We’ve mentioned previously that mistletoe was prominent in the traditions of the Druids and the lore of northern Europe. The Druids used the mistletoe of their sacred oak as part of their ritual five days after the new moon following the winter Solstice. In the middle ages it was hung from ceilings or placed above stable and house doors to drive off evil spirits and to insure fertility.
Mistletoe is a parasitic plant that grows on trees. Phoradendron flavescens or Viscum album sends its roots into the tree’s bark and derives its nutrients from the tree itself, though it does engage in photosynthesis.
The word can be traced back to 2nd century Anglo-Saxon “mistel” for the word dung and “tan” for twig, mistletan being the Old English version of the word. This suggests the belief that mistletoe grew from birds, though we know now that it is the birds’ droppings in trees or the seeds’ sticky nature that adheres to tree bark.
Some would trace the tradition of kissing under mistletoe back to the Saturnalia, indeed the Greek goddess Artemis (Roman: Diana), patron of the city of Ephesus (Acts 19:24-41) wore a crown of mistletoe as an emblem of fertility and immortality. However, the most fully developed myth regarding mistletoe comes from the Norse mythology of the Vikings. Mistletoe’s curative powers and its belief that it can raise humans from the dead relates to the resurrection of the Norse god Baldar.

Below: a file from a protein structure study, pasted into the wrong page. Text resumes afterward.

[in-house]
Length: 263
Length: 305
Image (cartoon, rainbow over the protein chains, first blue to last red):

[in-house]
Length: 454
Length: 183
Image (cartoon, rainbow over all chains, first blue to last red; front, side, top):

The story goes as follows. Baldar, the god of the summer sun, saw in a dream his death. Frigga, his mother and the goddess of beauty and love — and from whom we get the name Friday — compelled the elements, plants and animals to not kill Baldar. But she neglected to extract this same promise from the unique mistletoe. The evil god Loki (brother of Thor), realizing that mistletoe grows on trees and has no roots in the ground fashioned a poisoned dart from mistletoe and with the aid of Baldar’s blind brother Hoder shot the mistletoe missile to kill Baldar. His death brought winter and his mother’s lamentation.
Frigga’s tears over her son changed the red mistletoe berries white and raised Baldar from the dead. From her gratitude she blessed with a kiss everyone who walked beneath mistletoe, declaring that the mistletoe must forever after bring love rather that death into the world.
Later Christian customs called it Herbe de la Croix or Lignum Sanctae Crusis for “Wood of the Sacred Cross” because of the belief that it was used to supply the wood for Christ’s cross. For its role, it was condemned to be a parasitic vine. Further penance for the plant was that it bless everyone who walked beneath it.
Bill Petro, your friendly neighborhood historian